6 Div. 18.
October 6, 1964. Rehearing Denied October 27, 1964.
Appeal from the Circuit Court, Jefferson County, George Lewis Bailes, J.
Arthur Shores and Orzell Billingsley, Jr., Birmingham, Jack Greenberg, Norman C. Amaker and Geo. B. Smith, New York City, for appellant.
Wm. C. Walker, Birmingham, for appellee.
This is an appeal from a conviction, after verdict, for violation of § 1142 of the Code of the City of Birmingham 1944, as amended, whereunder Middlebrooks was convicted on a charge of standing or loitering so as to obstruct a street or sidewalk.
On his appeal from the recorder's court to the circuit court, the appellant had a choice which he exercised in favor of demanding a jury trial. Ex parte Hall, 255 Ala. 98, 50 So.2d 264; Code 1940, T. 37,§ 464; T. 13,§§ 429, 326. "* * * a jury trial may there be had on demand of the defendant * * *."§ 326, supra.
The appellant offers the following statement in his brief:
"* * * appellant emerged from a church with a group of persons and proceeded down a street * * * to protest racial segregation. When the group reached a corner, it was stopped by a police officer who told the group to turn around and go back. At this time the appellant was standing on the edge of the group. There is a conflict in the record as to what subsequently occurred. The police officer testified that everyone in the group moved except the appellant. The appellant testified that he attempted to go around the officer and was arrested. He further stated that Commissioner Connor told the police officers at the scene to arrest him. When the arresting officer was asked if he arrested the appellant because of an order, or on his own volition, the state's objection was sustained.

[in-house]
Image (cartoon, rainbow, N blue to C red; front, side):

"Although the arresting officer testified that the group was blocking the sidewalk, this was denied by the appellant. Moreover, there was no evidence whatsoever that persons attempted to pass the appellant or the group and were unable to do so.
"The following is a summary of the testimony of each witness:
" Sergeant J.E. McDonald. He was on duty at a street corner in Birmingham. When he first observed the defendant, he was on the outer limits of a group of persons on the street corner. He told the group to disperse. All moved except the appellant who was then arrested. At the time of his arrest, the appellant was standing alone. The sidewalk was about fifty feet wide.
" Larry Middlebrooks. He started out from a church with a group of people and walked along the sidewalk. When he reached a corner he and the group were stopped by a police officer who told them to turn around. He was arrested as he attempted to go around the officer. Commissioner Connor told the police to arrest him. He did not block the sidewalk."
"On May 3, 1963, Appellant and others participated in a parade. The parade was stopped at 6th Avenue and 17th Street North, Birmingham, Alabama. After the parade was broken up a group of about 100 to 150 people stood on the corner at 6th Avenue and 17th Street North. This group was composed partly of paraders, and partly of other people. The Appellant was in the front of the crowd, but he was within the front portion of the crowd. The street was about 50 feet wide, but contrary to Appellant's statement of fact the sidewalk was only about 8 or 10 feet wide and it was entirely blocked. No one could use the sidewalk because it was completely filled with people. Sergeant McDonald, a police officer, told the group they were blocking the sidewalk and to move back in both directions. The entire group, except for Appellant, moved away from the corner. Sergeant McDonald told the Appellant if he did not move he was going to arrest him for loitering after warning and refusing to obey the lawful command of a police officer. The Appellant did not move and was arrested."